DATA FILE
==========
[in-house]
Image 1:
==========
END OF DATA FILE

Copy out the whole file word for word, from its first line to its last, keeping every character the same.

[in-house]
Image 1: